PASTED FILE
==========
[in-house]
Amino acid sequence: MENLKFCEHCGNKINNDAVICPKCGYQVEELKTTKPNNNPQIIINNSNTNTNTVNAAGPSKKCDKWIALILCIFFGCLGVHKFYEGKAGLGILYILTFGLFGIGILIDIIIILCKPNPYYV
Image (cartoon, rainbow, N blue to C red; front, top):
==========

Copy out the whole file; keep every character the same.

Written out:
[in-house]
Amino acid sequence: MENLKFCEHCGNKINNDAVICPKCGYQVEELKTTKPNNNPQIIINNSNTNTNTVNAAGPSKKCDKWIALILCIFFGCLGVHKFYEGKAGLGILYILTFGLFGIGILIDIIIILCKPNPYYV
Image (cartoon, rainbow, N blue to C red; front, top):